Download PDF PDF Page Citation Cite Share Link Share

Blank Verse

Christopher Marlowe wrote Edward II in blank verse, a verse form utilizing unrhymed lines with traditional meter. Marlowe didn't invent blank verse, but he did popularize it among English dramatists, many of whom wrote in rhyming verse prior to the posthumous publication of Edward II. Marlowe's blank verse freed him from the constraints of traditional rhyming poetry, allowing him to write in a natural rhythm, producing dialogue that sounded colloquial and unrehearsed. He adhered to the constraints of iambic pentameter (lines of ten syllables and five metrical feet, where the "feet" are pairs of one stressed and one unstressed syllable) but was otherwise free to experiment. Shakespeare would continue Marlowe's experiments in blank verse to great effect.

Historical Drama

Edward II falls into the category of "historical drama"—a genre for which Shakespeare was famous, with Richard III being a prime example. Historical drama is one of the three main genres of Western theater, alongside tragedy and comedy. Traditionally, history plays are based on historical narratives of some importance, as is Edward II, which dramatizes the downfall of King Edward II of England, who reigned from 1307 to 1327. Other important historical figures include Queen Isabella, Edward's wife; Piers Gaveston, Edward's lover and favorite; and Mortimer Junior, Earl of March, who leads the Marcher lords against Edward in the Despenser War. Marlowe compresses the events of Edward II's twenty-year reign into one play, bringing drama to the historical narrative.

Source Material

Marlowe used Raphael Holinshed’s Chronicles of England, Scotland, and Ireland as source material while writing Edward II. Holinshed's narrative of the reign of Edward II is non-chronological, with a number of events appearing disjointed in place and time. Marlowe reconstructs the story out of this jumble and creates a streamlined narrative that focuses on a few key events and relationships that led to Edward II's downfall. Modern scholars, in comparing Marlowe's text to Holinshed's and to other historical accounts of the time, have for the most part authenticated Marlowe's narrative, affirming that these are generally accurate (if dramatized) representations of events that took place during Edward II's reign.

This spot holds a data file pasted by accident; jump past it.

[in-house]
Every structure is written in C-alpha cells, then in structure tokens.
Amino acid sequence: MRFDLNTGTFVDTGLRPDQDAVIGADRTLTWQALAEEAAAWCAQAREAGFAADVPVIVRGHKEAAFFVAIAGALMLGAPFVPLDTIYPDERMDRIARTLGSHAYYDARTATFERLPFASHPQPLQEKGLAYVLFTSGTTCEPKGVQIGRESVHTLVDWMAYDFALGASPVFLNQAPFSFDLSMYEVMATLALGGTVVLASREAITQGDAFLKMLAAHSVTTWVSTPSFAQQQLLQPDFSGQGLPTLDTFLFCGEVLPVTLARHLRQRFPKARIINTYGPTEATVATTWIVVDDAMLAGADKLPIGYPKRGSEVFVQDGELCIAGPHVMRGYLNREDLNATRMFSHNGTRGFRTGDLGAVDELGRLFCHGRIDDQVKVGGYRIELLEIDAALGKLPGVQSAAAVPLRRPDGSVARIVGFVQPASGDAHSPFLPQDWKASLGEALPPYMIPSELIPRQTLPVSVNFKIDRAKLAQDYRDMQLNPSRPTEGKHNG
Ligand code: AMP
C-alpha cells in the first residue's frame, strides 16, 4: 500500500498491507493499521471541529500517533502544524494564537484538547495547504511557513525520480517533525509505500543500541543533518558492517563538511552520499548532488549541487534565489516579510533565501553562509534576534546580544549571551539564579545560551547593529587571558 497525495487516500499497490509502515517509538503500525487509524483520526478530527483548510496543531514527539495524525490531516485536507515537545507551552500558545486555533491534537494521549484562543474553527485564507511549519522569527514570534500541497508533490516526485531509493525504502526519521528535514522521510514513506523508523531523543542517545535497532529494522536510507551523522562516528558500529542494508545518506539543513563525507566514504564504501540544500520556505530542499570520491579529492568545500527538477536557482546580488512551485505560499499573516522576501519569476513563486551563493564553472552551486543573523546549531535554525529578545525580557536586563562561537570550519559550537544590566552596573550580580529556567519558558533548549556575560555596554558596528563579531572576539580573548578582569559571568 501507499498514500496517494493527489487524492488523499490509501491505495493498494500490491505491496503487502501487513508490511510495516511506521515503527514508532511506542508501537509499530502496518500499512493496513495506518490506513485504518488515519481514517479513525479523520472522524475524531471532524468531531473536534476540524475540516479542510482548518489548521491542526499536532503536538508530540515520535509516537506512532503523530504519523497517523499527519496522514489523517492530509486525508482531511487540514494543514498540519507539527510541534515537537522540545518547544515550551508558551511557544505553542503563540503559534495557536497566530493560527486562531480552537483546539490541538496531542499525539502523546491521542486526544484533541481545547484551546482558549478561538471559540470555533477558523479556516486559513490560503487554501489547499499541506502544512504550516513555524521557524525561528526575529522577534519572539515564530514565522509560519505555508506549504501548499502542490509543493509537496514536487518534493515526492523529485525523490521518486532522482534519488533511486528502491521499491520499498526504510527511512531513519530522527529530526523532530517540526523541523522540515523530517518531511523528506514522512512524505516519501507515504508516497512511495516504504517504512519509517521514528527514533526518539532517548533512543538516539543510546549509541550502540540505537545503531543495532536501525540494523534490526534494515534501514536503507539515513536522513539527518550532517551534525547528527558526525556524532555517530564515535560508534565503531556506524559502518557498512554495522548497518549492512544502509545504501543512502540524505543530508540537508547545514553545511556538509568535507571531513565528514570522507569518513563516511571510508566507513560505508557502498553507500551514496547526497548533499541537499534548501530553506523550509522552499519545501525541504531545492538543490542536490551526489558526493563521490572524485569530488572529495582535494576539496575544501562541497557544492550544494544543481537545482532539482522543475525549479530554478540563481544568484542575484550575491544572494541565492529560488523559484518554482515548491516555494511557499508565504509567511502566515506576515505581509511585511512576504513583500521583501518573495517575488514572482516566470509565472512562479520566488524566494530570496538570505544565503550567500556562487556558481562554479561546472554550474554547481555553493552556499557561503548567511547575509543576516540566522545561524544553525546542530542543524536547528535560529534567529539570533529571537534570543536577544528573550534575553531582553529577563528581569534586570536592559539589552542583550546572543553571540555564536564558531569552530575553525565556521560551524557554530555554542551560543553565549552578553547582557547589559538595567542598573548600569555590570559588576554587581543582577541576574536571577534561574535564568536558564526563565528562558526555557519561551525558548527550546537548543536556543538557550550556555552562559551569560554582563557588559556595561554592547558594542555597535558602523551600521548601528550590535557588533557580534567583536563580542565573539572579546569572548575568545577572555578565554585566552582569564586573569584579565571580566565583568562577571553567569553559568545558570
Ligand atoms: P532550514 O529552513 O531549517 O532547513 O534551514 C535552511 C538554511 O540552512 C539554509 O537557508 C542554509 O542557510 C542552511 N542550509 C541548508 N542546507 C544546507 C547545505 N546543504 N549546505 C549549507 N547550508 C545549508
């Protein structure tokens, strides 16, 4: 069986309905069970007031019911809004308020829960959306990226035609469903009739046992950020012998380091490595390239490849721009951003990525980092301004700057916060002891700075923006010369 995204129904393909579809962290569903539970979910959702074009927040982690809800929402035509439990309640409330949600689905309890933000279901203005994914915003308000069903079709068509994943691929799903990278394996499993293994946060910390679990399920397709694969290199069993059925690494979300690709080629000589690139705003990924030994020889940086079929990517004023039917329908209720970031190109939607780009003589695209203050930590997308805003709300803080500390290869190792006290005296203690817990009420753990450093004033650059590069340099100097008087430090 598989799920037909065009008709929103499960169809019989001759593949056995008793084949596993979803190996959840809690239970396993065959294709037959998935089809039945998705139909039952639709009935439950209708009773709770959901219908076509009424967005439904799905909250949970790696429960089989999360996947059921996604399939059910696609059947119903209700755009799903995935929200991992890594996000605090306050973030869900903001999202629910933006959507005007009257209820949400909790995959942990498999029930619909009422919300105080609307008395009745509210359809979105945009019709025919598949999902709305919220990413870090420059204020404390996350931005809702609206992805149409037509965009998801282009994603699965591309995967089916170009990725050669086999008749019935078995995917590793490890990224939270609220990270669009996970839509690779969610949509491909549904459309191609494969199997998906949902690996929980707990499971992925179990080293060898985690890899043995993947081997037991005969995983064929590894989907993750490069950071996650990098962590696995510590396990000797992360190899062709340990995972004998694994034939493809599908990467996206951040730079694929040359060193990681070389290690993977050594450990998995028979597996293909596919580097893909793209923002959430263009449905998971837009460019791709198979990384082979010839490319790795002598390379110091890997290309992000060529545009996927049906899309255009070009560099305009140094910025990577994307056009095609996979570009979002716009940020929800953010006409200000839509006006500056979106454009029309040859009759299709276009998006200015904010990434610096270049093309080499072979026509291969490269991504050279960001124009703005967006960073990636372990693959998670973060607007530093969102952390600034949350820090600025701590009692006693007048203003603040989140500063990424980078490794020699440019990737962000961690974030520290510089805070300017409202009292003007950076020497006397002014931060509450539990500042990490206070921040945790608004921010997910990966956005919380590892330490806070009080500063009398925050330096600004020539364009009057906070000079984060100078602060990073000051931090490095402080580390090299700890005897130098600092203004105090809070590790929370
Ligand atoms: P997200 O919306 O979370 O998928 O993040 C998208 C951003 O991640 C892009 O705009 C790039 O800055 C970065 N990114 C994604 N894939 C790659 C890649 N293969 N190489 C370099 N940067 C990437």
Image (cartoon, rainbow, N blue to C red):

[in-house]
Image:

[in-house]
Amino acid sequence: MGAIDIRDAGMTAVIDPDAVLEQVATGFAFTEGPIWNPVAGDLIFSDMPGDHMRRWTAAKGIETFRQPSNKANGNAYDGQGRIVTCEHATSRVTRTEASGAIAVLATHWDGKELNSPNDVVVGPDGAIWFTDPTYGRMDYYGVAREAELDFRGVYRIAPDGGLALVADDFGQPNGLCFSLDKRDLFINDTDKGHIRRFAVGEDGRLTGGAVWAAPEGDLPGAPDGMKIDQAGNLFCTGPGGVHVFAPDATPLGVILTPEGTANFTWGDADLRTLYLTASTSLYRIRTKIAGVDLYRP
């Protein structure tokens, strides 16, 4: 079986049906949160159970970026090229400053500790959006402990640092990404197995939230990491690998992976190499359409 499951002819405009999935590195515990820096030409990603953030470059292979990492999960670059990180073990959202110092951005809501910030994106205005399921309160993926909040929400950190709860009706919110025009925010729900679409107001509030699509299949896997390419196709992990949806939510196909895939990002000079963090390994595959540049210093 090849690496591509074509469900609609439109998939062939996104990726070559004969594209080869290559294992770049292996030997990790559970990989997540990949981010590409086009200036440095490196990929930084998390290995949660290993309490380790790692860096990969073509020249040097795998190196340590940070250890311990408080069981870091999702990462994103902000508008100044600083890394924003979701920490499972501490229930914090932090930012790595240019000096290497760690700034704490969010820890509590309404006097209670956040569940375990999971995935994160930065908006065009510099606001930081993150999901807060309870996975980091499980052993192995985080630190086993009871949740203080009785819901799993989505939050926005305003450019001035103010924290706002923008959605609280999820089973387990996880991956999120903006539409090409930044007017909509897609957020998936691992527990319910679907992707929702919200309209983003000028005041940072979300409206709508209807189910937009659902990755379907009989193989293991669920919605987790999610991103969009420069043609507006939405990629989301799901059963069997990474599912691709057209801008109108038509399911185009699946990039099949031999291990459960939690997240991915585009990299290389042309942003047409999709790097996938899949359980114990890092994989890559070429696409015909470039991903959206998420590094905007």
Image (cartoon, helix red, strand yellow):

Machiavelli and Edward II

Many scholars have noted the importance of Machiavelli's political treatise The Prince in discussing Edward II. Though Machiavelli himself would say that The Prince merely provides instructions and guidelines on how to be an effective leader, most readers agree that the methods Machiavelli advocates are brutal, manipulative, and, in certain lights, evil. The word "Machiavellian" has become synonymous with devious, self-serving behavior, in large part because Machiavelli encouraged princes to use force whenever necessary to achieve their goals. In Machiavelli's mind, a prince should be a cunning mastermind capable of outmaneuvering his enemies both in battle and in politics. Edward II does neither. Edward breaks what Machiavelli would consider the cardinal rule: he lets his whims and passions get in the way of governing. Edward's gallivanting and inattention allow the ambitious Mortimer, Earl of March, to plot against him. Ultimately, it is Mortimer, a traitor to the crown, who displays the characteristics Machiavelli praised in The Prince. Mortimer uses his wealth, connections, and influence to manipulate events in Edward II , eventually placing himself in a position of power from which he has King Edward tortured and killed. In the process, however, he reveals himself to be a fatally ambitious man and makes enemies of his friends—including Queen Isabella, whom he professes to love. Mortimer leads the Marcher Lords against Edward II, deposing the king and making himself the de facto ruler of England while Edward III comes of age. Mortimer...